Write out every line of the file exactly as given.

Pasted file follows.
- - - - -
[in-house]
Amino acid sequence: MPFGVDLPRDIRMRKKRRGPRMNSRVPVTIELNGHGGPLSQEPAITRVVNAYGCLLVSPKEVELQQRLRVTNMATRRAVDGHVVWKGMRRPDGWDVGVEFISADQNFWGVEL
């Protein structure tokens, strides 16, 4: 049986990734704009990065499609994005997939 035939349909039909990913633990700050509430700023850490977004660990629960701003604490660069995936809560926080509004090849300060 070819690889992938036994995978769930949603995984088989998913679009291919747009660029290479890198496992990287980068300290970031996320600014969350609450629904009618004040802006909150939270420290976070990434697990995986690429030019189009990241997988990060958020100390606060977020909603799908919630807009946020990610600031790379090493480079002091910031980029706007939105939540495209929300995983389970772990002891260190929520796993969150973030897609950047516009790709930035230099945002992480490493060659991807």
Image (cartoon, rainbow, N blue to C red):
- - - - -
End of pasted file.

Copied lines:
[in-house]
Amino acid sequence: MPFGVDLPRDIRMRKKRRGPRMNSRVPVTIELNGHGGPLSQEPAITRVVNAYGCLLVSPKEVELQQRLRVTNMATRRAVDGHVVWKGMRRPDGWDVGVEFISADQNFWGVEL
């Protein structure tokens, strides 16, 4: 049986990734704009990065499609994005997939 035939349909039909990913633990700050509430700023850490977004660990629960701003604490660069995936809560926080509004090849300060 070819690889992938036994995978769930949603995984088989998913679009291919747009660029290479890198496992990287980068300290970031996320600014969350609450629904009618004040802006909150939270420290976070990434697990995986690429030019189009990241997988990060958020100390606060977020909603799908919630807009946020990610600031790379090493480079002091910031980029706007939105939540495209929300995983389970772990002891260190929520796993969150973030897609950047516009790709930035230099945002992480490493060659991807």
Image (cartoon, rainbow, N blue to C red):